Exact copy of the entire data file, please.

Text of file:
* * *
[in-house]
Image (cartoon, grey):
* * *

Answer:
[in-house]
Image (cartoon, grey):